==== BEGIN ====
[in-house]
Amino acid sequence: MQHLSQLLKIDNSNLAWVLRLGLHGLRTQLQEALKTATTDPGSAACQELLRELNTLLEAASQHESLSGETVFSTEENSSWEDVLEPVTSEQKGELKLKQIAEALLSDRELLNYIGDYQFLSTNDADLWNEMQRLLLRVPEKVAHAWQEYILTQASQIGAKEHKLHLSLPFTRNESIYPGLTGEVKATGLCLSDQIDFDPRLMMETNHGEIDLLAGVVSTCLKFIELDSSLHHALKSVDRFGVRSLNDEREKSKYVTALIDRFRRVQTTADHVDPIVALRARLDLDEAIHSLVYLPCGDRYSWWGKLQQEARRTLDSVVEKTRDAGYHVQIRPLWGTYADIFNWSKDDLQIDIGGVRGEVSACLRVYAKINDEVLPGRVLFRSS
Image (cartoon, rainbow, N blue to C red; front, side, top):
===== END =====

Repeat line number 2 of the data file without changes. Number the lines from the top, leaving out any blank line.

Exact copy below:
Amino acid sequence: MQHLSQLLKIDNSNLAWVLRLGLHGLRTQLQEALKTATTDPGSAACQELLRELNTLLEAASQHESLSGETVFSTEENSSWEDVLEPVTSEQKGELKLKQIAEALLSDRELLNYIGDYQFLSTNDADLWNEMQRLLLRVPEKVAHAWQEYILTQASQIGAKEHKLHLSLPFTRNESIYPGLTGEVKATGLCLSDQIDFDPRLMMETNHGEIDLLAGVVSTCLKFIELDSSLHHALKSVDRFGVRSLNDEREKSKYVTALIDRFRRVQTTADHVDPIVALRARLDLDEAIHSLVYLPCGDRYSWWGKLQQEARRTLDSVVEKTRDAGYHVQIRPLWGTYADIFNWSKDDLQIDIGGVRGEVSACLRVYAKINDEVLPGRVLFRSS